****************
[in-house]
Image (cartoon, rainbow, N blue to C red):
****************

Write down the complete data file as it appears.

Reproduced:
[in-house]
Image (cartoon, rainbow, N blue to C red):